Workers exercised the right to form and join unions and to strike without government interference. Unions noted that the government's broad definition of essential services denied many workers the right to strike.
In the private sector, "direct bargaining arrangements" between employers and nonunionized workers occurred more commonly than collective bargaining. In May the International Labor Organization (ILO) raised concerns that the number of direct bargaining arrangements between employers and employees had increased substantially in the past decade, while there had been only a slight increase of collective bargaining agreements. The ILO reiterated its concerns that such agreements disadvantaged workers because they did not result from balanced negotiations of two independent, adequately equipped parties.
Labor unions asserted that in practice, solidarity associations conducted negotiations and employers sometimes required membership in a solidarity association as a condition for employment. Trade union leaders contended that the existence of worker solidarity associations in many enterprises displaced unions and discouraged collective bargaining. According to the ILO, such associations, to the extent that they displaced trade unions, in effect discouraged collective bargaining, affected the independence of workers' organizations from employers' influence, and infringed on the right to organize and bargain collectively.
There continued to be a pattern of employers firing employees who wanted to unionize. There were reports that some employers preferred to use "flexible," or short-term, contracts, making it difficult for workers to organize and collectively bargain. There also were reports that migrant workers in agriculture frequently were hired on short-term contracts through intermediaries. These workers faced antiunion discrimination and challenges in organizing, and they often were more vulnerable to labor exploitation.
The ILO noted that there were no trade unions operating in the country's Export Processing Zones (EPZs) and identified the zones as a hostile environment for organizing. Labor unions asserted that efforts of workers in EPZs to organize were met with illegal employment termination, threats, and intimidation and that EPZ employers maintained blacklists of workers identified as activists.
b. Prohibition of Forced or Compulsory Labor
The law prohibits all forms of forced or compulsory labor and distinguishes between forced labor, which involves slave-like conditions, and labor exploitation, which describes unacceptable but less egregious working conditions. The government failed to enforce the law effectively, and there were reports that such practices occurred. There were isolated reports of men, women, and children subjected to labor exploitation in domestic service and street vending as well as in other sectors.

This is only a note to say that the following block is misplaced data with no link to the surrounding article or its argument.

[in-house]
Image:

The judicial investigative police identified six alleged victims of labor exploitation in four cases during the year, but they dismissed three of the cases for lack of evidence. There was only one case under investigation as of December. The government provided training to labor inspectors, local government officers, and social health workers. The government also organized media awareness campaigns on trafficking for civil society; international and nongovernmental organizations sponsored these efforts.
Also see the Department of State's 2011 Trafficking in Persons Report.
c. Prohibition of Child Labor and Minimum Age for Employment
The child and adolescence code prohibits labor of all children under age 15 without any exceptions; it supersedes the minimum working age of 12 established in the labor code, which had not been amended to reflect this change. Adolescents between the ages of 15 and 18 may work a maximum of six hours daily and 36 hours weekly. The law prohibits night work and overtime for minors. The law prohibits those under age 18 from engaging in hazardous or unhealthy activities.
The government generally enforced laws against child labor effectively in the formal sector. During 2010 the Labor Ministry's Inspections Office detected 94 cases of child labor. In the same year, the Labor Ministry identified eight minors below the age of 15 engaged in hazardous work. The Office for the Eradication of Child Labor (OATIA) assisted 247 working minors and referred them to government institutions to be included in social programs. On March 25, the government published the comprehensive list of hazardous occupations adopted in 2010. The OATIA implemented a project with a local government aimed at improving the life and working conditions of adolescent workers and eradicating child labor. The OATIA, with assistance from ILO's International Program on the Elimination of Child Labor, continued implementation of a road map to eradicate child labor, connected to the national strategic plan to achieve the goals established by the ILO's Decent Work Agenda for the Hemisphere (2006-15).